Lift With Purpose


Lift with a purpose, lift intentionally. 

 

Have you ever wondered why you perform barbell rows with an overhand grip, but someone else may perform the same exercise using an underhand grip? Have you ever wondered which way is actually correct? If you haven’t questioned things of this nature, then you are just going through the motions when lifting. Instead, we should lift with purpose and this starts with knowing WHY and how your body position specifically your hand placements and grip affect the muscles being targeted.

Each hand placement and grip serves a specific purpose as it controls the primary muscles targeted in whatever movement that is being performed. A subtle change in how you place your hands on or grip a dumbbell, barbell, or cable can make a huge difference in which muscle(s) is being used. Therefore, it is imperative that you understand the influence of these subtle changes in order to have a sound rationale behind every movement you do and ultimately, lift intentionally.

First, let’s discuss the 4 main grips:

1. Overhand (pronated): your palms face away from you when gripping the bar.

  • Typically used during pull movements such as chin-ups, lat pull downs, or rows.

2. Underhand (supinated): your palms face forward/palms up.

  • Typically used during barbell bicep curls.

3. Neutral grip: palms face each other.

  • Used when performing hammer curls

4. Mixed grip (alternative grip): one hand is placed under and one hand is placed over.

  • The stronger hand is usually placed over and the weak hand is placed under

  • Typically used for deadlifting heavy loads

Applying these grips to various lifting movements:

Barbell rows:

  • Supinated/ underhand grip

With this grip, you activate more of your biceps due to the action of the biceps flexing the elbow and supinating the wrist. Because of the involvement of the biceps along with the back muscles such as the lats, you are able to row more weight with this grip.

  • Pronated/overhand grip

With this grip, you get less biceps recruitment and activation, and the focus is shifted to the back muscles primarily the rhomboids and lats. Therefore, you are not able to row as much weight.

A similar concept applies to pull-ups and chin-ups.

Chin-ups vs pull-ups

Have you ever wondered why you are able to do more chin ups than pull ups?

  • The reason for this is that chin-ups utilize a supinated/underhand grip which allows you to activate your biceps as well as your lats. However, due to the underhand grip, the focus is shifted away from the back muscles. On the other hand, a pull up uses an overhand (pronated grip) and targets primarily your lats.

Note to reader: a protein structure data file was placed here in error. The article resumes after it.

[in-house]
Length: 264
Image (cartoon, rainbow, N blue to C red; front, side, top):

Neutral grip pull up

  • This position keeps the shoulders in a natural alignment

  • A good option if you are coming back from a shoulder injury or have a history of shoulder injuries.

Push ups:

Narrow hand placement:

  • shoulders are better supported in this position

  • Good option for someone with shoulder injuries and/or a history of shoulder injuries.

  • Increased triceps activation

Wide hand placement:

  • This hand placement puts the shoulder in a less stable position, so it is not a good option for someone with shoulder injuries and/or a history of shoulder injuries.

  • Increased pectoralis major activation

Shoulder Exercises:

Overhead press with Narrow overhand grip:

  • focuses primarily on the front part of the shoulder, the anterior deltoid as well as the triceps.

  • This is the better option if you have shoulder injuries as it puts your shoulder in a more natural position.

Wide grip overhead press:

  • focuses primarily on the middle part of the shoulder - medial deltoid.

Neutral grip dumbbell front raises:

  • focuses on the anterior deltoid

Lateral raise:

  • This movement can be performed with a neutral grip. However, if you are experiencing shoulder pain or have a history of shoulder injuries you may want to perform this movement with your wrist supinated (palm facing forward) and thumbs up, as if you are about to empty a can. This hand placement will focus on the rotator cuff musculature.

Bicep Exercises:

Underhand (supinated) grip:

  • Increased isolation of biceps

Neutral grip:

  • curling using this grip is known as a hammer curl

  • works more of the brachioradialis (muscle of the forearm) more than the biceps.

Deadlifts: one of the best compound exercises ever. There are so many different variations and hand placement options to choose from!

Overhand grip:

  • forces you to keep the bar close to your body.

  • requires the most amount of grip strength so you will definitely feel the burn in your forearms 🔥.

  • Because of this, when you use this grip while deadlifting HEAVY, it is not unlikely that you will feel capable with your lower body but will fail due to your grip strength.

Mixed grip:

  • Allows you to lift heavier loads and your grip is less likely to fail on the lift.

  • The downside to this grip is that muscular imbalances can develop if you don’t alternate which palm is up and which is down.

Now that you know how the various grips and hand placements affect movements, be sure to shake up your routine and give the different grips/hand placements that you don't normally perform a try.

Leave a comment